Senan Colleran of the ESB calls it "the biggest emerging crime in Europe"...
“These people are putting their lives hugely at risk”.
So said Senan Colleran, Head of Distribution and Customer Services at ESB Networks, of the latest lot of thieves with their eye on copper wire. Talking on Lunchtime, a dismayed Colleran gave details of the Sunday evening break-in that caused a "very significant" fire at a substation in Inchicore, Dublin.
The fire resulted in 120,000 ESB customers lost power, as well as Tallaght hospital. While most got their power back within 10 minutes, it took 40 firefighters some five hours to put out the blaze. Colleran also noted that it would take "many millions and many months" to repair the station.
"The value of the copper would have been very small in comparison".
A figure of €10 million has been estimated.
At last nights sub-station fire we used 25,000L's of water mixed with 1,500L's of environmentally friendly foam. pic.twitter.com/m9WOvBAhZA— Dublin Fire Brigade (@DubFireBrigade) April 18, 2016
The number of individuals stealing copper and scrap metals has skyrocketed in the past five or six years, since gangs realised the rising price of commodities - due to falling production - could offer a way to beat recessionary times across Europe. Other metals in demand are aluminium, lead and increasingly platinum, palladium and rhodium.
As Colleran put it: "this is the biggest emerging crime in Europe".
Across the continent, railway infrastructure in particular has been hit hard. In 2010 alone, five rail operators reported millions of euros in damages and a massive 10,000 hours of train delays as a result of copper wire theft.
Closer to home, 64 feet of surplus railway line was taken from New Ross' Campile Station in January 2011. A spokesperson for An Garda Síochána told the New Ross Echo:
"This wasn't an opportunist crime and would have taken time to carry out".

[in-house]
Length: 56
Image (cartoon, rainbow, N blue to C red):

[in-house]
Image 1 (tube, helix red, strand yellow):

That same year, the Gardaí established the Metal Theft Forum, a multi-agency group bringing together those worst hit by increasing copper thefts in such sectors as transport, utility, recycling and communications, in the hope of slowing the growing rate of thefts.
In spite of this, Crimestoppers has said that over 150 kilometres of copper, with a value of €3 million, have been stolen since 2012. The replacement cost to the ESB was €28 million. The ESB reported over 100 incidents in 2013 alone.
Last August, Gardaí special units arrested a Romanian gang who were climbing electrical poles and employing long handheld cutters in an attempt to steal wiring over bogland in Offaly. Gardaí called the gang "highly mobile", "sophisticated" and also operating in Clare, Galway and Tipperary.
Incidents with overhead power cables are considered to be particularly dangerous as the wires are live.
The majority of copper wire thefts in Ireland are carried out by crime groups from West Balkan countries. Metal dealers have generally been co-operating with the authorities, though some have become involved in the illegal trade.
Aside from the financial damage, the activity in general is extremely risky for both the criminals and the public.
One fatality and three serious injuries have been linked to the thefts in Ireland thus far.
Speaking at Crimestoppers’ launch of a metal theft confidential helpline last year, Senan Colleran said:
"The theft of live copper lines has been an issue for ESB Networks for some time.
"Not only are the perpetrators of this illegal activity putting their lives at risk, they are also endangering the lives of members of the public by leaving potentially unsafe live network after them.
"There is the extreme danger of severe injury or fatality when attempting to steal live electricity lines or metal from ESB Networks High Voltage substations.
"This theft results in the loss of electricity supply to customers and causes significant inconvenience to our customers while the repair works are carried out by our crews".
"As well as the public safety issue, this illegal activity also results in significant costs to ESB Networks in repairing the damaged electricity network and these costs are ultimately borne by all electricity customers".
A fresh Crimestoppers and Garda investigation has now been launched, with the public being asked to do their part by watching out for suspicious activity and supplying the Gardaí with any information they may have.